Intuition is hard to write about, but Natalie still has a lot to say about it. She talks about what the military calls “VUCA” challenges: volatile, uncertain, complex, and ambiguous (like, say, a war in Afghanistan). These are “wicked” problems. “A wicked problem is one that requires abductive reasoning, whereby you start with a set of information and try to get to logical, plausible (but not definitive) explanations for observations. In the abductive process, you have incomplete puzzle pieces — they could be a combination of quantitative data points as well as observations — and then you reach the likeliest conclusion. Physicians do this with diagnoses [for example].” In such problems, there are gaps. Intuition fills those gaps.

Fashion thinking

One of my favorite parts of The Creativity Leap is a section on “fashion thinking.” I’m definitely prejudiced when it comes to fashion — it has always seemed silly and irrelevant to me. But as Natalie explains, the fashion industry has a unique advantage, ironically because everything new gets knocked off so quickly; that demands constant innovation, but within the constraints of what it’s actually possible to manufacture. Based on what she learned, Natalie teamed with Johanna Blakely, director of the Norman Lear Center the Annenberg School, and Valerie Jacobs, chief insight and innovation officer of the agency LPK, to create a fashion thinking rubric based on these principles:

  1. Style. Make an attractive and recognizable impression.
  2. Built for speed. Generate innovations and bring them to market quickly.
  3. Trends. Identify new patterns and lean into them.
  4. Storytelling. Build experiences that tell a story to the customer.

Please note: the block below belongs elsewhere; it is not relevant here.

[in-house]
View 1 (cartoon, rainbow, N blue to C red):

5. Two-way engagement. Connect with and learn from customers.
  6. Remix and connect. Seek innovators in adjacent fields and collaborate.
  7. Open-source sharing. Find ways to tap into the ideas of the crowd.

This is a remarkably different way to look at the world. It’s not right for all companies — but if your company is in a fast-moving space, there is a lot to learn from this approach.

The Creativity Leap is filled with examples from art, from business, from nonprofits and schools and every imaginable kind of organization. That makes it more likely that it has something more relevant to say to you.

Are you creative? Yes.

Perhaps the most important insight in The Creativity Leap is that creativity lies within each of us, regardless of whether we think we are creative or not. As Natalie says, “I never felt comfortable choosing sides by self-identifying as ‘more analytical’ or ‘more creative.’ In fact, I now know that that a spectrum bounded by these two variables is totally off course.”

If you solve problems, this book is for you. I know from experience that every human is capable of generating insights that make the rest of us say “Wow, I never would have thought of that.” Reading The Creativity Leap is the way to give yourself permission to do that.